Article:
From the time LaVey began school, complications began. School was a place for Tony to escape from. He was never
happy being "one of the guys" and found he was much more intensive in his studies whenever he cut school so he could
study the things that interested him most. While most boys looked forward to summer, Tony didn't. I would mean an
intrusion on his long, liquid days alone. The streets would again be filled with loudmouthed kids who would expect him to
join in their baseball and football games. He waited for the days to grow short again, when they would return to their
confining classrooms and he could resume his studies elsewhere. He was delighted with his solitude, and the few friends he
accepted into his world were, like him, outcasts.
Huey Long, Rasputin, Sir Basil Zaharoff, Milton, London, Nietzsche, Capone and other "de facto Satanists" who
practiced or wrote of rational pre-Church of Satan seminars, nascent imagery is often all one needs for a strong influence.
"You don't need to know all about their lives, be a scholar about everything they ever wrote or did. Fictional characters, like
Ming the Merciless, weren't nearly as important to me as a person who actually lived. If I appeared different it's because I
was different. My first expression of that ingredient surfaced in an image of existing outlawry. I was derisively labeled a
pachuco or hood because I wore a hat and zoot-style clothes because they were the only clothes I felt comfortable wearing. I
wasn't trying to be different--just doing what came naturally."
He recalls an incident with another boy and a bird in his backyard when he was 11 years old. Impulsively shot the boy in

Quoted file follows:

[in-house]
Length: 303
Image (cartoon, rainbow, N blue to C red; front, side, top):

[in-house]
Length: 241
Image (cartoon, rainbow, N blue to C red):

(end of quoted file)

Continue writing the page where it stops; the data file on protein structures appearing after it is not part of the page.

the back with a b.b. gun as the boy was about to fire his own gun at a bird sitting on a branch all of ten inches away. The
intrepid hunter dropped hid gun with a howl of pain. This was Tony's first lesson in "Good Sportsmanship." He got hauled
down to the police station for a big lecture on how only a coward shoots another boy in the back, and after all, "it was only a
There were plenty of adventures available to a boy during the thirties. When the Golden Gate Bridge opened as the
engineering marvel of the century in 1937, LaVey was one of the first to stroll from one end to the other, when pedestrians
were allowed free rein before opening it to cars. LaVey recalls, "It was a thrill to be one of the first people across the Golden
Gate Bridge. Of course, there were a lot fewer people then so it was fun to be on this wide expanse where cars were supposed
to be. Not like it was when they closed the bridge to cars for a few hours during the 50th anniversary celebration in 1987. The
planners didn't anticipate the crowds. 800,00 people packed on there--so thick you couldn't see the roadway. They flattened
the natural arc of the span. It would have been quite a celebration if it had collapsed." Since he was there when it opened,
Title: Gigamoire et Galatea
Author: Michael Dunlap